GBM roundelApproximately half of the world’s population, including children, live in towns and cities; by 2050, nearly 70% will live in urban areas . The urban landscape dominated by concentrated areas of high-rise, high-density buildings with proximity to services and industries is not only powering the economic engine of nations but transforming the way our children see the world.

The ‘average’ child of this century lives in a high-rise apartment complex, is transported to most activities (including school) and spends ever-increasing time indoors watching television or playing on tablets or smartphones. Alternatively, they are likely to dwell in the sprawling, ill-planned, cramped spaces in marginalised communities on city fringes. Either way, outdoor time is limited. This localised and restricted environment confers unique challenges with respect to eye health for today’s young.

The onslaught of Myopia

In 2010, just over 28% of the world’s population were affected by Myopia (short-sightedness). This is predicted to rise to 34% by 2020 and nearly 50% by 2050 . In some Asian countries, 70% of those 17 or above are Myopic , as are 97% of 19-year-old male army conscripts in South Korea . Myopia commonly onsets in childhood and is due to a mismatch between the eyeball length and its optical power, resulting in light focussing in front of the retina and thus causing blurred distance vision. Myopia is commonly corrected using spectacles or contact lenses; however, since the underlying mechanism of increasing eyeball length is not addressed, the condition commonly progresses until young adulthood and necessitates regular eye examinations to maintain adequate vision. Additionally, there is a more sinister side to Myopia. High levels (-5.00D or worse) increase the risk of sight-threatening conditions including retinal detachment, Cataract and Glaucoma. In addition, highly Myopic eyes are at risk of Myopic Macular Degeneration, a condition fast-emerging as a leading cause of blindness in Asia and other parts of the world.

Myopia commonly onsets in young, school-age children and progresses into adulthood.

High Myopia increases risk of developing sight-threatening conditions such as Myopic Macular Degeneration, Cataract
and Glaucoma.

Managing the burden requires solutions to control onset, progression and healthcare services.

Efforts are underway to find strategies to prevent onset and progression of Myopia. Optical, pharmaceutical and environmental strategies show efficacy.

Highly Myopic eyes are at risk of Myopic Macular Degeneration, a condition fast-emerging as a leading cause of blindness in Asia and other parts of the world

Submitted by: Munazza Gillani Country: Pakistan Organisation: Sightsavers Category: Amateur Caption: Student beneficiary wearing spectacles supported by SiB Pakistan Urban Peadiatric Eye Care project -- Photo uploaded from the #MakeVisionCount Photo Competition website (photocomp.iapb.org) This competition is held for World Sight Day 2017.

Myopia

What can be done?

Already, the burden of Myopia is substantial, affecting individuals (eg costs associated with corrective devices, specialist services, risk of vision impairment in adult life) and society (eg burden of uncorrected refractive error and eye care services). If left to rise unfettered, the burden will increase many-fold. Hopefully, research will aid in providing solutions to delay/prevent Myopia onset, or control progression in an already Myopic eye.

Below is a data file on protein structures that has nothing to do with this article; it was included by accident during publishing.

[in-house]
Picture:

In addition to genetics, eye growth is regulated by visual feedback (environment). For example, Myopia is far more prevalent in urban populations. In animal models, eye growth can be modulated using optical blur. More excitingly, evidence indicates we can control the onset of Myopia. Increased outdoor time proved protective against Myopia onset with clinical trials from Taiwan and China indicating 40 to 80 minutes of additional outdoor time during the day in primary school children reduced Myopia incidence by 23% to 50% . In those already Myopic, select optical and pharmaceutical interventions reduced Myopia progression. Optical approaches that reduced accommodative lag of eye, reduced defocus at peripheral retina or induced Myopic defocus across the retina were successful in reducing Myopia progression by 30% to 40%.

Estimated global prevalence of Myopia – 2000 to 2050

YEAR 2000
  • 20.2% Low to Moderate Myopia (1243m)

  • 2.7% High Myopia (163m)

  • 77.1% Non-Myopes

YEAR 2010
  • 24.3% Low to Moderate Myopia (1673m)

  • 4.0% High Myopia (277m)

  • 71.7% Non-Myopes

YEAR 2020
  • 28.7% Low to Moderate Myopia (2221m)

  • 5.2% High Myopia (399m)

  • 66.1% Non-Myopes

YEAR 2030
  • 33.8% Low to Moderate Myopia (2844m)

  • 6.1% High Myopia (517m)

  • 60.1% Non-Myopes

YEAR 2040
  • 37.5% Low to Moderate Myopia (3393m)

  • 7.7% High Myopia (696m)

  • 54.8% Non-Myopes

YEAR 2050
  • 40% Low to Moderate Myopia (3820m)

  • 9.8% High Myopia (938m)

  • 50.2% Non-Myopes

How can Myopia be controlled?

Optical devices incorporating these strategies include executive bifocals, specially designed multifocal contact lenses and orthokeratology. Pharmaceuticals such as low-dose atropine and 7-methylxanthine show promise. While longer-term efficacy and Myopia-rebound upon discontinuation of these agents require further investigation, evidence to date implies good potential for these treatments to limit the damage and burden of higher-magnitude Myopia by reducing its incidence.

In summary, there are significant health and economic implications from the rising prevalence of Myopia. Managing the Myopia burden requires a co-ordinated effort in determining solutions to control onset and progression, and services to manage associated healthcare implications.

Myopia: at a glance

Myopia at a glance
Updated on 6th Oct 2016

Our Supporters